2014 British/ Scottish Asthma Guidelines

A question for Dr Mitchell - The recent 2014 British/ Scottish Asthma Guidelines recommend educators not to recommend Hepa Fliters and dustmite encasements/ Your comment please.

Thanks for that information.  I was not aware of that recommendation.  I am, however, aware of several high profile studies questioning the efficacy of HEPA air cleaners and also dust mite impermeable encasements.  These recommendations may be based on those results.  I will explore this further.

Those studies, incidentally, did not specifically tailor the use of dust mite covers to those that had dust mite allergy; and additionally, they were singe-factor studies, looking at just that component of risk.  Most children have many different risks - intervening on just one is not likely to be effective.  I will find out more about those guidelines and get back to you about this issue.

Best regards,





The anonymous person asked about HEPA filters, but the response from Dr. Mitchell referred to HEPA air cleaners.   So those are 2 different tools correct?  Filters go in a vacuum cleaner and air cleaners are its own tool.  Do I have this right?  Thanks. 

Thanks for these questions regarding air filtration, and the British/Scottish Guidelines.

First, Geri, you are correct, I assumed the initial question referred to HEPA air cleaners, which we recommended (and in some cases provided) in our studies for those who had pets and pet allergy, or had smokers in the home, and/or evidence of mold.  We also recommended (and in some cases provided) HEPA vacuums for all our participants.  These are indeed different tools, although they address the same issue - overall allergen exposures.  Incidentally, we have also used self-adhesive filters that can be cut to the size of a room vent and used to reduce allergen levels when patients do not have access to main furnace vents.  These approaches to lowering overall allergen load in the home seemed sensible and useful to our investigators although we did not study them in the absence of our fully tailored, multifaceted interventions.  So, to speak definitively about their effectiveness alone, is not possible.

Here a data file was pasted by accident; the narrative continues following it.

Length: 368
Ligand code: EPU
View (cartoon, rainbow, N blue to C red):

The British/Scottish Asthma 2014 Guideline recommendation against employing physical methods (i.e.., filters or bedding covers) to reduce dust mite levels in homes was somewhat surprising.  It appears to be based upon the Cochrane review which includes some disconfirming data from studies that I believe are inappropriate since they examined this single risk factor, namely, dust mite intervention via HEPA filtration or mite impermeable bed covers.  It was interesting reading these British guidelines; they are very sensitive to making recommendations unless the data are absolutely clear and consistent.  Our science and the quality of the many variety of research studies seldom provides such consistency and clarity.  The British/Scottish guidelines, however, do recognize the importance of  "tailoring" such recommendations.  In their guidelines, shortly after recommending against the use of filters for dust mites, they acknowledge their potential usefulness for pet allergen ("In homes where there is no cat but still detectable cat allergen, there may be a benefit from introducing additional avoidance measures such as air filters and high efficiency vacuum cleaners for cat allergic patients."  2014 British/Scottish asthma guidelines, page 52.)

Finally, (and I apologize for this long answer..) I was interested to note how sensitive these British guidelines are to the potential expense of non-medical interventions.  I wonder if structural differences in the U.S.. versus U.K.. situations might not account for some of the difference in emphasis within our guidelines.  In the U.K.. National Health System (NHS) medical care and medications may be considerably less expensive (or free) as compared to purchasing HEPA air cleaners or vacuums.  In the U.S.., the expense and difficulty of accessing health care and/or medications may make self management approaches relatively less costly.